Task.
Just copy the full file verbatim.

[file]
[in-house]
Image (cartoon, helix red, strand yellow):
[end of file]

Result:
[in-house]
Image (cartoon, helix red, strand yellow):